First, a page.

National Post (Latest Edition)
8 ELIMINATE FEAR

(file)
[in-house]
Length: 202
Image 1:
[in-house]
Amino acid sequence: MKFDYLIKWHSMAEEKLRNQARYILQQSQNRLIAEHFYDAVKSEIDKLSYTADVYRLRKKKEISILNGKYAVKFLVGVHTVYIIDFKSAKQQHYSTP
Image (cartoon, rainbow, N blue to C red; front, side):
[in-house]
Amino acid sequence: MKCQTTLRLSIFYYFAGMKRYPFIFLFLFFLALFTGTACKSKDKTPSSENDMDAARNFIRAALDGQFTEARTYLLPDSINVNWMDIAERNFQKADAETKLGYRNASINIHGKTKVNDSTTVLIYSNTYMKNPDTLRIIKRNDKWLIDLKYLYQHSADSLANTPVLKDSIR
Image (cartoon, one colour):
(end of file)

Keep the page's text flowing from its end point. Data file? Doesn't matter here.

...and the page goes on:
Finally, it’s worth remembering that glossophobia will impede your speech only if you allow it. There is, after all, nothing to worry about – no consequence to suffer even if you botch the effort besides temporary low-level embarrassment and no long-term effect besides the lingering memory of your performance in the handful of men and women who cared enough about what you were saying to retain any of it thereafter. The most important thing to remember is that disdain for public speaking is shared by so many of us individually that, together, we accept a tacit understanding, an unspoken belief in its utter lack of worth as a practice and form. No one cares about your commencement address or your words of wisdom to a graduating class. No one cares that you are the best man at the wedding. No one has interest in your salutation as valedictorian. At the conference or the meeting or the big critical event, the entire crowd of ostensibly captive listeners are really just thinking about lunch. You would be, too. And herein lies the most important piece of knowledge necessary to avoid feeling nervous over public speaking: whether good or bad, your speech doesn’t matter.